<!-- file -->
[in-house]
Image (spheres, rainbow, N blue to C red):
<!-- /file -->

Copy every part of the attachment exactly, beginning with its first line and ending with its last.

[in-house]
Image (spheres, rainbow, N blue to C red):